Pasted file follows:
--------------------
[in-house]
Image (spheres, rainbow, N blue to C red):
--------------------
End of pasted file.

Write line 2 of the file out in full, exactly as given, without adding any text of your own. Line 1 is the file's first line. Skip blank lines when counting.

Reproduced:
Image (spheres, rainbow, N blue to C red):